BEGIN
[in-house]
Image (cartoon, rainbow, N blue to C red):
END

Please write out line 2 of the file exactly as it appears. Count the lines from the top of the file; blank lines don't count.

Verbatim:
Image (cartoon, rainbow, N blue to C red):